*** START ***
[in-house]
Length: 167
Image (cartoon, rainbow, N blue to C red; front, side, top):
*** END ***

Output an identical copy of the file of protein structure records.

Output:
[in-house]
Length: 167
Image (cartoon, rainbow, N blue to C red; front, side, top):